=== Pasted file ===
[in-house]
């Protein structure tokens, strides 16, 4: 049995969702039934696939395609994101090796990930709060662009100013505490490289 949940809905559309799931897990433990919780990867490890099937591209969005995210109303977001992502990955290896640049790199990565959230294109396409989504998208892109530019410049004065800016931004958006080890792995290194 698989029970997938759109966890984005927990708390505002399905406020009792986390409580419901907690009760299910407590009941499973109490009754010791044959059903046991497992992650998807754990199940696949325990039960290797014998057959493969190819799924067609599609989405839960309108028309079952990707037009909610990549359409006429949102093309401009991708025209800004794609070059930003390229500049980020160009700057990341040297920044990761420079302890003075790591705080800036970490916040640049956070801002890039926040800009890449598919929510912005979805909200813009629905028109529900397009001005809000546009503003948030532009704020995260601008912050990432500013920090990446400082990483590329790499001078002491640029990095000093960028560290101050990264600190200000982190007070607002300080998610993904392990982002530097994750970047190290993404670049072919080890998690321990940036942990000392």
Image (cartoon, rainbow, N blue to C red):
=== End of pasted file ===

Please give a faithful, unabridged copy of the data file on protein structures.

[in-house]
């Protein structure tokens, strides 16, 4: 049995969702039934696939395609994101090796990930709060662009100013505490490289 949940809905559309799931897990433990919780990867490890099937591209969005995210109303977001992502990955290896640049790199990565959230294109396409989504998208892109530019410049004065800016931004958006080890792995290194 698989029970997938759109966890984005927990708390505002399905406020009792986390409580419901907690009760299910407590009941499973109490009754010791044959059903046991497992992650998807754990199940696949325990039960290797014998057959493969190819799924067609599609989405839960309108028309079952990707037009909610990549359409006429949102093309401009991708025209800004794609070059930003390229500049980020160009700057990341040297920044990761420079302890003075790591705080800036970490916040640049956070801002890039926040800009890449598919929510912005979805909200813009629905028109529900397009001005809000546009503003948030532009704020995260601008912050990432500013920090990446400082990483590329790499001078002491640029990095000093960028560290101050990264600190200000982190007070607002300080998610993904392990982002530097994750970047190290993404670049072919080890998690321990940036942990000392």
Image (cartoon, rainbow, N blue to C red):